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TitleSurficial geology, coastal waters, Island of Newfoundland, Newfoundland and Labrador
LicencePlease note the adoption of the Open Government Licence - Canada supersedes any previous licences.
AuthorShaw, J; Potter, D P
SourceGeological Survey of Canada, Bulletin 605, 2015, 130 pages, Open Access logo Open Access
PublisherNatural Resources Canada
Mediaon-line; digital
File formatpdf
ProvinceEastern offshore region; Newfoundland and Labrador
NTS1K; 1L; 1M; 1N; 2C; 2D; 2E; 2F; 11O; 11P; 12A; 12B; 12G; 12H; 12I; 12P
AreaPlacentia Bay; St. George's Bay; Cape Angille; Cape Ray; Bay de Loup; Hermitage Bay; Fortune Bay; Avalon; Seal Cove; Motion Bay; St. John's Harbour; Bay d'Espoir; Connaigre Bay; Northeast Arm; Conception Bay; Trinity Bay; Bonavista Bay; Newman Sound; Clode Sound; Chandler Reach; Swale Tickle; Cape Freels; Dog Bay; Fogo Island; Notre Dame Channel; Hamilton Sound; Gander Bay; Notre Dame Bay; New Bay; Seal Bay; Badger Bay; Bay of Exploits; Long Island; Sunday Cove Island; Halls Bay; Little Bay; Green Bay; Bay Verte Peninsula; White Bay; Strait of Belle Isle; Great Northern Peninsula; Coney Head; Conche Harbour; Bonne Bay; Port au Port Bay; Bay of Islands
Lat/Long WENS-60.0000 -52.5000 51.7500 46.5000
Subjectsgeophysics; marine geology; surficial geology/geomorphology; bathymetry; seafloor topography; marine sediments; geophysical surveys; acoustic surveys, marine; sonar surveys; side-scan sonar; marine environments; glacial deposits; glacial landforms; glacial features; moraines; drumlins; megaflutes; seabottom topography; biota; ecosystems; lithostratigraphy; submarine features; submarine fans; erosion; coastal studies; coastal erosion; coastal environment; sediment transport; submarine transport; deglaciation; ice movement directions; glaciation; LiDAR; Cenozoic; Quaternary
Illustrationslocation maps; aerial photographs; images; seismic reflection profiles; seismic profiles
ProgramOffshore Geoscience
Released2015 12 01
AbstractThis bulletin is a synthesis of several decades of Geological Survey of Canada research into the surficial geology of the inner continental shelf around the Island of Newfoundland, and the geomorphology of adjacent coastlines. Based on analyses of data from multibeam-sonar surveys, other marine surveys, and from coastal mapping, the island is divided into fourteen regions, each with distinctive surficial geology and coastal geomorphology. The evidence of glaciation is dominant in all regions, and includes: 1) streamlined landforms formed in the onset areas of ice streams; 2) arcuate submarine moraines formed by glacial standstills at the mouths of west and south coast fiords; 3) transverse moraines formed by standstills within fiords; and 4) swarms of De Geer moraines formed during ice retreat. The seafloor of the inner shelf is imprinted by relict iceberg furrows and pits in all fourteen regions, but a modern population is recognized only off the east and northeast coasts. Evidence of lowered postglacial sea levels is found in submerged deltas and wave-cut platforms at various depths off the southwest and south coasts. The zone of modern sediment mobility is relatively wide on the shallow inner shelves off southwest and northeast Island of Newfoundland, and relatively narrow elsewhere. The multibeam-sonar imagery reveals a wide range of submarine landforms and processes, including active submarine fans in west coast fiords, an inner-shelf submarine canyon off the southwest coast, and large-scale erosion of the seafloor in Placentia Bay and off Bay of Islands. Anthropogenic modification of the seafloor is most intense near Corner Brook (Bay of Islands) and in parts of Placentia Bay, and includes submarine landslides triggered by port construction.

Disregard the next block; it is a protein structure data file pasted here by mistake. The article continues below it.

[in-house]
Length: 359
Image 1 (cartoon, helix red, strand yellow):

Summary(Plain Language Summary, not published)
This document describes the marine geology of the continental shelf in Newfoundland coastal waters. It is a comprehensive synthesis of GSC marine geological research in the region from the 1980s onwards. For purposes of description, the inner shelf is divided into 14 regions, each with distinctive characteristics. The seafloor character is interpreted using multibeam sonar data, which provides a wealth of information unavailable when relying solely on geophysical surveys. The 14 regions display a wide spectrum of seafloor terrains: complex bedrock structures; glacial landforms; submerged deltas and shorelines; areas of deposition, erosion, and sediment mobility; areas of modern and relict iceberg impact; methane escape structures; submarine landslides; and areas of industrial seafloor modification.

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